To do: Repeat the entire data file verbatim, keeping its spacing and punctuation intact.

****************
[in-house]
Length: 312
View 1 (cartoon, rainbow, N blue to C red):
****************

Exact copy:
[in-house]
Length: 312
View 1 (cartoon, rainbow, N blue to C red):